The people involved in the Supreme Court case still say they are in a group called CAN, but a Scientologist has bought legal rights to the name. The group that sprung from that purchase "espouses the exact opposite views of what the old CAN used to espouse," said Paul Lawrence, appellate attorney for the old group.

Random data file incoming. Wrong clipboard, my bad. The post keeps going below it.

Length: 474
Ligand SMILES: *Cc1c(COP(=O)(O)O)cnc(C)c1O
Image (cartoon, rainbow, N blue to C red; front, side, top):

For 20 years, the Cult Awareness Network ran the nation's best-known hotline for parents who grew distraught when unconventional religious groups they neither trusted nor understood suddenly won the allegiance of their children. Last week its name, logo, post office box and telephone number were sold to the highest bidder: a Los Angeles lawyer named Steven L. Hayes, who is a Scientologist. Hayes says he is working with a group of people "united in their distaste for CAN" who plan to reopen the group so it "disseminates the truth about all religions." "It kind of boggles the mind," said David Bardin, an attorney who has represented CAN in Washington. "People will still pick up the CAN name in a library book and call saying, 'My daughter has joined the Church of Scientology.' And your friendly CAN receptionist is someone who works for Scientology."